In this newsletter:
Highlights from late October
Upcoming workshops, volunteer opportunities and dates
Recipe from September Feast Bowl meal: spiced applesauce
With volunteers busy in the garden clearing the beds and planting cover crop for the winter, all of the programs with the garden have been busy with their own end-of-season cycles. With the shortening days we take heart at the warmth of community coming together to share knowledge and prepare for the coming season. Thank you to everyone who has shared this with us!
In late October, the last of this seasons' workshops with the Medicine Collective
brought community members, Elders, and students together to blend tobacco pipe mix and learn teachings from Elder Lee Brown. The Medicine Collective also took two groups on engaging medicine walks in the garden to learn about and harvest different plants: a group through the Carnegie Community Centre and UBC students in PHAR 457, Pharmaceutical Care in Aboriginal Health. Participants in Sharing Our Wisdom
(a holistic Aboriginal health initiative) made beautiful teas from the garden in a workshop facilitated by the Medicine Collective.
Over 30 UBC students in LFS 350: Land, Food, and Community II helped with end-of-season weeding and the building of new pathways while multiple students in LFS 100 joined us for garden volunteer sessions as part of their Service Learning experience with the community.
The dialogue on First Nations' perspectives on history, food, and health
was well-attended and greatly moved all those who took part. The Feast Bowl was honoured to provide food for participants after such a potent discussion about the role of food in Indigenous communities and their histories.
Finally, in the past weeks a large group of partners, staff, volunteers, community members, and caregivers joined the CRUW
youth at the UBC Longhouse to celebrate their completion of the 8-month program and witness their blanketing as they graduated.
Late October in the garden
Clockwise from top left: tobacco pipe mix workshop participants; a big celery harvest; LFS students Sarah and Emily help out in the garden; the Git Hayetsk dancers at the CRUW graduation (photo by Freida Gladue); many generations helping at the Healing Circle tea-making; medicine walk with the Carnegie Community Centre.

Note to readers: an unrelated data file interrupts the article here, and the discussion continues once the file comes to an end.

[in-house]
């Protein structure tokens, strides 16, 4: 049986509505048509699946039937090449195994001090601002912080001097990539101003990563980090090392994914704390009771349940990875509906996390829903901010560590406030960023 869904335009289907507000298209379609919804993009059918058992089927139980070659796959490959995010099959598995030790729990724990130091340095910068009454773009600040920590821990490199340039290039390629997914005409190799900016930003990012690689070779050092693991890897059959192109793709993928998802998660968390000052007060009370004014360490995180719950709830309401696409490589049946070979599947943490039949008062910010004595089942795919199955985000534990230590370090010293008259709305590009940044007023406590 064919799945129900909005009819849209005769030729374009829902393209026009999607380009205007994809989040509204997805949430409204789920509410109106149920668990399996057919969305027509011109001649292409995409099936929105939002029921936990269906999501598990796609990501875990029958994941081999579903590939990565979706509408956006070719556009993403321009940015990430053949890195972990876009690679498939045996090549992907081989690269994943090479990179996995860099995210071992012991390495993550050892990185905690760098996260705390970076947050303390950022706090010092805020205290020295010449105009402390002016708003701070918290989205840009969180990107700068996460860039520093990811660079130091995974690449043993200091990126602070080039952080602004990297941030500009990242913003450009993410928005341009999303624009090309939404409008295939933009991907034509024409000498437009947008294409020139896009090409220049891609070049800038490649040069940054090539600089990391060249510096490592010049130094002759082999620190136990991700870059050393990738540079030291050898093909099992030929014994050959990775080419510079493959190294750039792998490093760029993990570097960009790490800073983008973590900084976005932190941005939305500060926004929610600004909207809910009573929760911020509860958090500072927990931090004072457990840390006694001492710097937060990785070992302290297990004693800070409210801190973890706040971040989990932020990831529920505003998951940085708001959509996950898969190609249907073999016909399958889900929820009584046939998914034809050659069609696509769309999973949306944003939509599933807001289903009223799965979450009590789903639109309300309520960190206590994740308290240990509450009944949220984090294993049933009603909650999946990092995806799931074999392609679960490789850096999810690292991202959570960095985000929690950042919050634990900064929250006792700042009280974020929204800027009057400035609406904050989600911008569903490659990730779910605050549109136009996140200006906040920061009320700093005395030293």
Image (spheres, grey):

Upcoming workshops and volunteer opportunities
- Tuesday October 28th, 1:30-4:30PM: Garden volunteer session
- Wednesday October 29th: Feast Bowl community meal at the UBC Longhouse
- Wednesday November 5th, 1:30-4:30PM: Garden volunteer session
- Thursday November 13th, 1:30-4:30PM: Garden volunteer session
- Tuesday November 18th, 1:30-4:30PM: Garden volunteer session
- Wednesday November 19th: Feast Bowl community meal at the UBC Longhouse
- Wednesday December 18th: Feast Bowl community meal at the UBC Longhouse
How to volunteer for garden work days: we work in the garden rain or shine, so come dressed for the weather. We have extra rain boots, gardening tools, and gloves to share. Bring a snack and water bottle - bring friends and family (of any age) too! No experience necessary. You will find us in the Indigenous Health Garden at the UBC Farm. The most up-to-date directions to the UBC Farm can be found here. Once at the Farm, you can follow the "Aboriginal Health Gardens" signs to find our garden here.
How to volunteer for the Feast Bowl:
join us at the UBC First Nations Longhouse (1985 West Mall) at 10:00AM to help us harvest, 11:00AM in the kitchen to help us cook, or 12:30PM in Sty-Wet-Tan hall to eat lunch with us. Extra help from any age or skill level is always appreciated, especially in the kitchen. If you can only join us for lunch, we encourage you to come anyway and we look forward to sharing a delicious meal with you!
Note: if you plan to bring a large group, please let us know ahead of time at firstname.lastname@example.org.
Recipe from the September Feast Bowl meal: Spiced Applesauce
For the September meal, we cooked this applesauce with delicious heritage varieties of apple from the UBC Farm orchard.
With the cooler temperatures come the sweeter apples, so we couldn't resist making this dessert at September's Feast Bowl! Apples with a lot of flavour are great to use in this simple dish. No added sweeteners are needed when the fruit brings all the sweetness already. Try this with a variety of different apples or even the bruised and fallen ones in yours or a neighbour's backyard; simply cut out the bruised or blemished sections and toss the rest in! This recipe can be easily multiplied.
4 lbs apples
1 cup water
1 stick cinnamon or 1/4 tsp ground cinnamon
Optional: 4 strips of lemon peel, other spices such as whole or ground cloves, cardamom pods, or star anise
- Remove any bruises or blemishes and roughly chop apples. If non-organic, peel before chopping.
- Place all ingredients in a pot. Bring to a boil and then simmer, covered, for 30-60 minutes, stirring occasionally. Sauce should be done when apple pieces are very soft.
- Remove any whole spices or lemon peel. Serve chunky or puree in a blender to serve smooth.
Will keep well in the fridge or freezer. Can be adapted well for pears too. Enjoy!
Adapted from this recipe: http://smittenkitchen.com/baby/2010/04/15/first-applesauce/